www.iiste.org

1.1
Tourism Course Outline
Table 1.Assessment of the Faculty Members on the Relevance of the Features of the B.S. Tourism Curricula of
the Subject Schools to the Requirements of the Commission on Higher Education (CHED) in Terms of the
Tourism
Course Outlines.
INDICATORS

ABE
WM

OLIVAREZ
WM

PATTS
WM

SOUTHV
WM

PERPETUAL

AWM

Verbal
Interpret

1.The
Tourism
Course
includes subjects under
4.75 4.75
4.78
4.57
4.86
4.73
Highly
The Tourism Core, Hotel
Relevant
Operations Core,
Travel Management Core,
Business Education
Core, major subjects and
practicum.
2.The Tourism Core includes
Highly
the following
4.75 4.50
4.89
4.86
4.83
4.80
Relevant
3-unit subjects:
a. Principles of Tourism
b. Tourism Planning & 4.75 4.50
4.89
4.86
4.83
4.80
HR
Development
c. Languages
4.75 5.00
4.89
4.71
4.83
4.80
HR
3.The Hotel Operations Core
Highly
includes a 3-unit
5.00 5.00
5.00
5.00
5.00
5.00
Relevant
Introduction
to
Hotel
Operations course with
front office and mock room
demo.
4. The Travel Management 4.75 5.00
5.00
4.86
5.00
4.93
Highly
Core includes a
Relevant
3-unit Introduction Travel and
Tour course
5. The Business Education
Highly
Core includes the
5.00 5.00
5.00
5.00
5.00
5.00
Relevant
following 3-unit subjects:
a. Principles of Management
b. Principles of Marketing
5.00 5.00
5.00
4.86
5.00
4.97
HR
c.
Entrepreneurship
& 5.00 5.00
5.00
4.86
5.00
4.97
HR
Business Planning
d. Accounting Appreciation 4.75 5.00
5.00
4.86
5.00
4.93
Highly
for Non-Accountants
Relevant
e. Basic Finance
5.00 4.75
5.00
4.86
5.00
4.93
HR
f. Computer Application for 5.00 5.00
5.00
4.86
5.00
4.97
Highly
the Hospitality
Relevant
Industry
with
Hands-on
activities
6. The major subjects 4.75 5.00
4.89
5.00
5.00
4.93
Highly
included in the curriculum are
Relevant
relevant to the needs of the
area/region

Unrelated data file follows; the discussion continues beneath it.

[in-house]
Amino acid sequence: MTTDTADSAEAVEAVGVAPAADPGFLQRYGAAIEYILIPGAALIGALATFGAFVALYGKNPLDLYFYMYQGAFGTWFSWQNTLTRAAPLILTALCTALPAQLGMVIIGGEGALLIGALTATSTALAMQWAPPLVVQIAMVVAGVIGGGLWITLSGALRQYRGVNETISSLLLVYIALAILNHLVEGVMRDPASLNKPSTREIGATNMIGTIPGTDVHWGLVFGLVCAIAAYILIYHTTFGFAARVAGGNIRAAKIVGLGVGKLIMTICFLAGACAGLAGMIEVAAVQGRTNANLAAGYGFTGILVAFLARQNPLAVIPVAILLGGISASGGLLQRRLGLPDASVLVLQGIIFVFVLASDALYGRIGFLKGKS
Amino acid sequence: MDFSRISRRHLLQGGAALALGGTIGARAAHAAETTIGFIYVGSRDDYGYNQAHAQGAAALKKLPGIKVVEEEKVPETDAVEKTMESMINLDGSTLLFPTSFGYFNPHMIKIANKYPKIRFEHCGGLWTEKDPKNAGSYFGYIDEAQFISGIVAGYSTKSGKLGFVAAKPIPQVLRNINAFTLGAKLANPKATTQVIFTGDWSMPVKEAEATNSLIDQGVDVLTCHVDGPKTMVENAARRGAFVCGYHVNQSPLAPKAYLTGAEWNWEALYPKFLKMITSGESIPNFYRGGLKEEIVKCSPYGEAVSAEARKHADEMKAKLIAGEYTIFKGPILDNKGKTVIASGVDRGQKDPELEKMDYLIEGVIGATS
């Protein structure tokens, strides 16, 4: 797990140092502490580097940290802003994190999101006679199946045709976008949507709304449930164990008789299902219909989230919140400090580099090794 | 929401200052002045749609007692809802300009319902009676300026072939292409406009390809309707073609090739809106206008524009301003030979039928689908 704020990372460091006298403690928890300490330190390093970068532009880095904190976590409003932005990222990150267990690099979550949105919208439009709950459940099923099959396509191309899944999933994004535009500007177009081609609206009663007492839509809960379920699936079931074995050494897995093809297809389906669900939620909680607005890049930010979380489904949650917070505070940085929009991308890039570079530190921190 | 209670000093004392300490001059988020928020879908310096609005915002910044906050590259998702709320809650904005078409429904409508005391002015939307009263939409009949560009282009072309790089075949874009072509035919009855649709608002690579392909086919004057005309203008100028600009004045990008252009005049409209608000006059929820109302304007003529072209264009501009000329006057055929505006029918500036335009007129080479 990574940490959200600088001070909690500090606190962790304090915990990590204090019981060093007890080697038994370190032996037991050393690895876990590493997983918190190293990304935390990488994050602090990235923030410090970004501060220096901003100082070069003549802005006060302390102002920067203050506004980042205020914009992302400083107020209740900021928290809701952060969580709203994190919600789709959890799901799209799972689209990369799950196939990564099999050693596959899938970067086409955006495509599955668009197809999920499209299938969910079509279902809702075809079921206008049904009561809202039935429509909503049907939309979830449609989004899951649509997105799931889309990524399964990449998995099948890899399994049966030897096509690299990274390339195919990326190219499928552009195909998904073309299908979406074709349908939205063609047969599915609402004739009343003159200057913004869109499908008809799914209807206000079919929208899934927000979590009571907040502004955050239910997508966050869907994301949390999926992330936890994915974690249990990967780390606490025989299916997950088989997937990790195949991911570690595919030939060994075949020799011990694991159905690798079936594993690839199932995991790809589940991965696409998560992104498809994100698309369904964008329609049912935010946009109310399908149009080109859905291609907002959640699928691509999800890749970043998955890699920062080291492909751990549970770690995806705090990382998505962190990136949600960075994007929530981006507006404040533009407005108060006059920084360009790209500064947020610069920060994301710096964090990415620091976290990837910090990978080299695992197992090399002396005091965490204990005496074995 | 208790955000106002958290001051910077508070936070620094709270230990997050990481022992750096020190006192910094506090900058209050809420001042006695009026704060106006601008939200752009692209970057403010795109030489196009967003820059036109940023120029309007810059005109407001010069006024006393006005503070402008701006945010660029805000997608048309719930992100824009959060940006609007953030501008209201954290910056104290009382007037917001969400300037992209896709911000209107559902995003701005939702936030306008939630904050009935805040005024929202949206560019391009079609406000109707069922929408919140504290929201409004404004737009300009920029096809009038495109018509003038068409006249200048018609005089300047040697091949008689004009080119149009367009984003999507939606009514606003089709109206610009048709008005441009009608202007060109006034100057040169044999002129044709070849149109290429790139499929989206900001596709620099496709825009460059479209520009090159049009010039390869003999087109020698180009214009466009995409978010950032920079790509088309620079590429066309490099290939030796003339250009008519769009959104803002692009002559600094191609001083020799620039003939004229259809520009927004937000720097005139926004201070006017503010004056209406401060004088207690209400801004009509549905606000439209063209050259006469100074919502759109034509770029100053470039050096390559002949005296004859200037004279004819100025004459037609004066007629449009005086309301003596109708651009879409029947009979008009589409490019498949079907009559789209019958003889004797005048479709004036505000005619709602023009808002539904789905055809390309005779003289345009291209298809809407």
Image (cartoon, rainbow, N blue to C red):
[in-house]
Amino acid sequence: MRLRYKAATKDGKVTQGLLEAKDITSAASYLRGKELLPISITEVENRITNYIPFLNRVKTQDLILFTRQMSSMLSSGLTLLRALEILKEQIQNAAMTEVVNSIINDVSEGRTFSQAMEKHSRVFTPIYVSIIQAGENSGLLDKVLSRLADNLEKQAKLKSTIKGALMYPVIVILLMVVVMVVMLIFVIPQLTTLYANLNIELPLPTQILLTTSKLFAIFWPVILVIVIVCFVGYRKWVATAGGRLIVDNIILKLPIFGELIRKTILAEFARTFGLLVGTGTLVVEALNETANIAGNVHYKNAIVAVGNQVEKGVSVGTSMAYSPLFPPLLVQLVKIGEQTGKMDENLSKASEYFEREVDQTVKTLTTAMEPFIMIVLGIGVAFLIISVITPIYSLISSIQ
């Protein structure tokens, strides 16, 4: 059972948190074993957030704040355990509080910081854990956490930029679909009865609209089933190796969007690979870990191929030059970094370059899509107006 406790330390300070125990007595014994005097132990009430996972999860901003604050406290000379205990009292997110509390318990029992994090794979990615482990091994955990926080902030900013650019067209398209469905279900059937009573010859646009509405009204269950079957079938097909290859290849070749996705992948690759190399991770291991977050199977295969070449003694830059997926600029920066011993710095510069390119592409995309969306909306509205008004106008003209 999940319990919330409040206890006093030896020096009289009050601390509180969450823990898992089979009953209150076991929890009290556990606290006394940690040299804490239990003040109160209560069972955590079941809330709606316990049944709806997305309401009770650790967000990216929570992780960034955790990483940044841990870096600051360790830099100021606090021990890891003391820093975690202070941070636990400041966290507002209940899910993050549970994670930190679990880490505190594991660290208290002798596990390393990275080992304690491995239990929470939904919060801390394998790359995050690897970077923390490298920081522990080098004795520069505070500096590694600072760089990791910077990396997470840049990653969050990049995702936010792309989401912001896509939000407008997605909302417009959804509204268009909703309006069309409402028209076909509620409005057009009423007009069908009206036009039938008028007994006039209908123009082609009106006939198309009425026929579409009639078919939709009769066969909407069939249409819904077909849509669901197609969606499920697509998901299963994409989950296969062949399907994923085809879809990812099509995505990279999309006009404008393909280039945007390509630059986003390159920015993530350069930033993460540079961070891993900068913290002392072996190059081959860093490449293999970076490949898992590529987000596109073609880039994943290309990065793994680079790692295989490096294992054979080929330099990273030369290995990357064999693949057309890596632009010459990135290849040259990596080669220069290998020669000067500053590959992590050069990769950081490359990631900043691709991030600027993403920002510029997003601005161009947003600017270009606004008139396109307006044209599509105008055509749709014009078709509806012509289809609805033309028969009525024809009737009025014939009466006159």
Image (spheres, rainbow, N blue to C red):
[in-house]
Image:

7. The practicum has a 4.75 4.75
5.00
4.71
4.83
4.83
Highly
minimum of 200 hours
Relevant
for each area of specialization.
Overall Mean
4.86 4.89
4.95
4.84
4.94
4.90
Verbal Interpretation
HR
HR
HR
HR
HR
HR
As seen in the table 1 the B.S. Tourism Curricula of the subject Schools strongly complied with the requirements
of the Commission on Higher Education (CHED) in terms of the tourism course outlines. This finding was

61

Journal of Education and Practice


ISSN 2222-1735 (Paper) ISSN 2222-288X (Online)
Vol.5, No.32, 2014

www.iiste.org

supported by the highly relevant ratings of the faculty respondents on all indicators as denoted by average
weighted means which range from 4.73 to 5.00.
1.2
Qualifications of School Administrators and Faculty Members
Table 2 Assessment of the Faculty Members on the Relevance of the Features of the B.S. Tourism Curricula of
the Subject Schools of the Requirements of the Commission on Higher Education (CHED) in Terms of the
Qualifications of School Administrators and Faculty Members
ABE

OLIVAREZ

PATTS

INDICATORS
WM
1. The school administrator is
at least a Masters Degree holder
and has a degree in Hospitality
Management or related fields
either in the undergraduate or the
graduate studies
2. The school administrator
has at least three (3) years of
teaching experience in the
tertiary level.
3. The school administrator
has taken a skills based
competency training course,
seminar or workshop
4. The school administrator is
a full-time employee of the
institution.
5. The school administrator is
an active member of a
hospitality related professional /
educational association.
6. Faculty members are at
least Masters Degree holders
and have a degree in Hospitality
Management or related fields
either in the undergraduate or
graduate studies.
7. Faculty members have an
equivalent number of years of
professional experience in the
field of specialization or the
industry.
8. At least 25% of the total
number of faculty members
teaching
the
professional
subjects are MA degree holders
9. At least 40% of the total
numbers of units of professional
subjects are taught by a full-time
faculty core.
OVERALL MEAN
VERBAL INTERPRETATION

WM

WM

SOUTH
VILLE
WM

PERPETUAL
HELP
WM

AWM

Verbal
Interpret.

5.00

5.00

5.00

4.86

5.00

4.97

Highly
Relevant

4.75

4.75

4.89

4.71

4.83

4.80

Highly
Relevant